Endoplasmic Reticulum Chaperone Protein GRP78 Protects Cells from Apoptosis Induced by Topoisomerase Inhibitors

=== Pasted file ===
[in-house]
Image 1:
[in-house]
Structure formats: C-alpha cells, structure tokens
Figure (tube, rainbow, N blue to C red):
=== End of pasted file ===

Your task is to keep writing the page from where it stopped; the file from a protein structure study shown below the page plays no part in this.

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A large number of correlative studies have established that the activation of the unfolded protein response (UPR) alters the cell's sensitivity to chemotherapeutic agents. Although the induction of the glucose-regulated proteins (GRPs) is commonly used as an indicator for the UPR, the direct role of the GRPs in conferring resistance to DNA damaging agents has not been proven. We report here that without the use of endoplasmic reticulum (ER) stress inducers, specific overexpression of GRP78 results in reduced apoptosis and higher colony survival when challenged with topoisomerase II inhibitors, etoposide and doxorubicin, and topoisomerase I inhibitor, camptothecin. While investigating the mechanism for the GRP78 protective effect against etoposide-induced cell death, we discovered that in contrast to the UPR, GRP78 overexpression does not result in G1 arrest or depletion of topoisomerase II. Caspase-7, an executor caspase that is associated with the ER, is activated by etoposide. We show here that specific expression of GRP78 blocks caspase-7 activation by etoposide both in vivo and in vitro, and this effect can be reversed by addition of dATP in a cell-free system. Recently, it was reported that ectopically expressed GRP78 and caspases-7 and -12 form a complex, thus coupling ER stress to the cell death program. However, the mechanism of how GRP78, a presumably ER lumen protein, can regulate cytosolic effectors of apoptosis is not known. Here we provide evidence that a subpopulation of GRP78 can exist as an ER transmembrane protein, as well as co-localize with caspase-7, as confirmed by fluorescence microscopy. Co-immunoprecipitation studies further reveal endogenous GRP78 constitutively associates with procaspase-7 but not with procaspase-3. Lastly, a GRP78 mutant deleted of its ATP binding domain fails to bind procaspase-7 and loses its protective effect against etoposide-induced apoptosis.
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